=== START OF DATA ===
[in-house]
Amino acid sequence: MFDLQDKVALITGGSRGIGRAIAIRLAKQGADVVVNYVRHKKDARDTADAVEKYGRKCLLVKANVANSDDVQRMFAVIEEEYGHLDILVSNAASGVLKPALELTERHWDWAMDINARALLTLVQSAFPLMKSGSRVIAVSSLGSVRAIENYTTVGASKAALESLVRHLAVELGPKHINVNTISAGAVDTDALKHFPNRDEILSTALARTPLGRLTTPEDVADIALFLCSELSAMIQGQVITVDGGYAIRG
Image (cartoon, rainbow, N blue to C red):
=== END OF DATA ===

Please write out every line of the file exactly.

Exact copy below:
[in-house]
Amino acid sequence: MFDLQDKVALITGGSRGIGRAIAIRLAKQGADVVVNYVRHKKDARDTADAVEKYGRKCLLVKANVANSDDVQRMFAVIEEEYGHLDILVSNAASGVLKPALELTERHWDWAMDINARALLTLVQSAFPLMKSGSRVIAVSSLGSVRAIENYTTVGASKAALESLVRHLAVELGPKHINVNTISAGAVDTDALKHFPNRDEILSTALARTPLGRLTTPEDVADIALFLCSELSAMIQGQVITVDGGYAIRG
Image (cartoon, rainbow, N blue to C red):